One supposes losing all email ability was the most annoying internally and for citizens wishing to make contact but at least there still were the tools from caveman days available: phones, faxes, paper, the mailman, human interaction.
Fortunately, as most mission-critical outfits do, the city had all its most vital (read: money connected) stuff on a separate computer system offsite such as payroll and personnel records. What vanished, when the attack dogs of the digital age ate all the city’s homework before experts could recover it, was that financial reports, legal agreements and so forth commonly known as “public records” were no longer public. Can one assume original paper copies still existed?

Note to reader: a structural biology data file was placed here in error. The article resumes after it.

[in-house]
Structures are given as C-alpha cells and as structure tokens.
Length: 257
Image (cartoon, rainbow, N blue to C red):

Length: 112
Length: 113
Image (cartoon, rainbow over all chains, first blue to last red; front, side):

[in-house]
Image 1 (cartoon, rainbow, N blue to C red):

In an understatement that holds true even outside of City Hall, Kirk Milam, the public-services director, observed that “We’ve developed a great dependence on technology.” Sure have. “This is not the end of the world,” he added. However, in the old days before all this technology when the equivalent disaster would probably be having city hall or the county courthouse burn to the ground, it would have been. All those valuable public papers would not only be gone but impossible to recover in any form. Perhaps all living today should count their blessings in having computers and not their lost emails.